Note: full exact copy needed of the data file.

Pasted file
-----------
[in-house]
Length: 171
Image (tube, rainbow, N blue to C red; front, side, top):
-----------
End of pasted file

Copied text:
[in-house]
Length: 171
Image (tube, rainbow, N blue to C red; front, side, top):